spammer_logic_0001 - 2004-03-01 spammer logic - 2ndpointsvc.net
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spammer_logic_0001 - 2004-03-01 spammer logic - 2ndpointsvc.net

We received a spam from 2ndpointsvc.net, one of those anonymous websites that lets you look for a mortgage online. Why anyone would trust an anonymous website to help them with a major loan is a completely other bizarre topic that we won't go into. But, there are a few things we'd like to examine in this particular case anyway.

Hey! They actually used their own domain name as the sending address. At least there is one thing commendable about this email. Well, actually two things. Assuming this is a trend they are going to keep up, we can easily block further transmissions right at the SMTP level by domain name. Kewl.

Not so cool. 24.213.248.133 is our IP address. Presumably the number in brackets is the originating IP address. What they've done is told their SMTP server to use the recipient server's IP address as their host name. This is a rather sly bit of misdirection that could potentially be considered illegal. But, in the long run, it really doesn't matter one way or the other.

Is this a real address? Might be nice if it is. It would be unusual.

All right, on to the spam message itself:

It's a little crufty, but the links are still easy enough to find. The main link is the same domain name as the sender domain, 2ndpointsvc.net so let's do a little whois lookup.

Domain Name: 2NDPOINTSVC.NET

Administrative Contact:
Adray, Raymond kf8tz8u97tz@networksolutionsprivateregistration.com
2nd Point Services
ATTN: 2NDPOINTSVC.NET
c/o Network Solutions
P.O. Box 447
Herndon, VA 20172-0447
570-708-8780

This domain is a 'private registration' through Network Solutions. This means that the domain owners are hiding their identity. Any communication to this address gets processed by Network Solutions first and then only what they determine to be suitable gets passed on to the domain owners. Since probably the only communication they are likely to receive are spam complaints, most of it will be deemed unsuitable and won't be passed on.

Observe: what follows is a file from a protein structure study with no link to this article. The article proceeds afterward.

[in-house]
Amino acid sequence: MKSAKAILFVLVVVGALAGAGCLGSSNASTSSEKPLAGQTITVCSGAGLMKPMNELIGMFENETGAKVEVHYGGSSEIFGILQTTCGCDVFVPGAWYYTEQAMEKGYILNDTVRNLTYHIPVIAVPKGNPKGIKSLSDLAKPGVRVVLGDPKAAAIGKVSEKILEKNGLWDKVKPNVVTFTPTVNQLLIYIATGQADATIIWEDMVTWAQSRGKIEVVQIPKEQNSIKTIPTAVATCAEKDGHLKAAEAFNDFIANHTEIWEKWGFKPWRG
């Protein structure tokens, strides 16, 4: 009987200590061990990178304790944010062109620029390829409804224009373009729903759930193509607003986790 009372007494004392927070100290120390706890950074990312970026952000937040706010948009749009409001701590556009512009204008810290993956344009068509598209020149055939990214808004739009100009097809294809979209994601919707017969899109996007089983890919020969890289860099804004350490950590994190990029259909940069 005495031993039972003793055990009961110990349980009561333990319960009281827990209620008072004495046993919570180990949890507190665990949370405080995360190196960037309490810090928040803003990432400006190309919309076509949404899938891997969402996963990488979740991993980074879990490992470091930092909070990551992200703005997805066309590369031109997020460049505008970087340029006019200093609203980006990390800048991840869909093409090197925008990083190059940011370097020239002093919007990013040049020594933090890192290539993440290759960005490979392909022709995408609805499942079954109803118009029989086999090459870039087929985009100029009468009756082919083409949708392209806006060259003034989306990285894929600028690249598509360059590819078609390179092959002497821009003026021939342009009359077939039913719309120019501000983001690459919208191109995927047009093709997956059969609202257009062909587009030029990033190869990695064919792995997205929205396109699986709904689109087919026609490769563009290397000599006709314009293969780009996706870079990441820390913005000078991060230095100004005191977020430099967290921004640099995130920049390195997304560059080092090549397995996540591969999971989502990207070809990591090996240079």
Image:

The remove link is a different domain. Oddly enough, if you browse to root page of that domain name, it looks absolutely identical to the main link of the spam. Or maybe that's not so odd after all. If i wanted to get my email address removed from this spammers' list i'd certainly want to deal with the spammers, not some other third party. So why a different domain name? *shrug* Who knows how these spammers think, if they even do think. So in this case it probably is comforting that their respective websites look identical.

Just for completeness' sake, let's do a whois lookup on catalysminds.com

Domain Name: CATALYSMINDS.COM
Created on: 21-Feb-04
Expires on: 21-Feb-05
Last Updated on: 21-Feb-04

Administrative Contact:
Private, Registration CATALYSMINDS.COM@domainsbyproxy.com
Domains by Proxy, Inc.
15111 N Hayden Rd., Suite 160
PMB353
Scottsdale, Arizona 85260
United States
(480) 624-2599 Fax --

Well, what a surprise! It's another private registration. Looks like this sender really has a lot to hide.

Now, if we browse to their website, there is an intriguing little link at the bottom of the page that says "Anti Spam". It goes to http://2ndpointsvc.net/antispam.html . It contains this very helpful definition:

Well, this email was certianly unsolicited. We had never heard of this organization before so it is utterly impossible that we had requested this information. Nice of them to admit that they are spamming. And what is their suggested remedy?

Hmmmmm. So why suddenly do we need to address our email to this address? Why don't they handle this directly @2ndpointsvc.net? It's not that we have developed any particular trust for the 2ndpointsvc.net domain name, but we have just about zero trust that m2001mail@aol.com has anything to do with the 2ndpointsvc.net domain at all. Why should it? Maybe it's a dead address. Maybe it's a live address but belongs to someone completely unrelated. They could be trying to get everyone to send email to this m2001mail@aol.com address just to annoy that person. It's been done before.

So, we have an unsolicted email from a company that hides itself, gives no explanation of who they are or how to find them, uses more than one name, gives completely unbelievable contact information, and wants to handle your home financing. Would you trust them?

One more point. Let's compare two of the statements in their antispam page, one of which we've already seen:

Ouch, our brains hurt now. So, if someone receives an email that they did not request, but it contains a way to Opt-out, then it is both spam (by the first statement) and not spam (by the second statement). We guess that this demonstration of illogic pretty much sums up the mental state of an organization that expects anyone to trust their email drivel.

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